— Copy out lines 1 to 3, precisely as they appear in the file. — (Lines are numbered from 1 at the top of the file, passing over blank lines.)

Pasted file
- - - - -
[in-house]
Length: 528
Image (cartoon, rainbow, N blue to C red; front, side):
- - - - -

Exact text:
[in-house]
Length: 528
Image (cartoon, rainbow, N blue to C red; front, side):